Mucosal melanoma stage, site predict patient survival
Tumour stage and anatomic site significantly affect the prognosis of mucosal melanomas, while patient demographics and tumour thickness do not, a recent study has found.
Accessing the California Cancer Registry, researchers analysed 132,751 melanoma cases, of which 1.4 percent (n=1,824) were of mucosal melanoma. Majority of the cases (98.6 percent; n=130,927) were cutaneous in nature. The 5-year survival estimate was significantly lower for mucosal vs cutaneous melanoma patients (27.64 percent vs 76.28 percent).
Regardless of cancer type, stage at diagnosis was also a significant predictor of survival. Five-year estimates were worse for those with remotely (13.50 percent) and regionally (50.85 percent) metastasized cutaneous melanoma, as opposed to those with only localized metastases (82.87 percent).
The same pattern was true for mucosal melanoma patients (localized: 43.93 percent; regional: 18.76 percent; remote: 7.84 percent). Notably, 5-year survival estimates for localized mucosal melanoma was lower than cutaneous melanoma with regional metastasis.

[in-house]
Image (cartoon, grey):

The anatomic tumour site likewise emerged as a significant prognostic factor. Five-year survival estimates for the genitourinary, oral cavity, nasal and sinus, gastrointestinal, and anorectal malignancies were 37.41 percent, 27.85 percent, 23.77 percent, 20.94 percent and 16.68 percent, respectively. The estimate for melanomas occurring in other sites was 13.57 percent.
Multivariate Cox proportional hazards regression analysis further confirmed that stage at diagnosis was a significant predictor of survival in both cutaneous (distant vs local metastasis: hazard ratio [HR], 7.64, 95 percent CI, 7.37–7.92) and mucosal (HR, 3.36, 2.9–3.92) melanomas.
Similarly, mucosal melanomas occurring at less common primary sites (spine, lung and pleura, liver, and pancreas: HR, 1.93, 1.41–2.64) also posed an increased risk of death, as did oral, anorectal and gastrointestinal mucosal melanomas.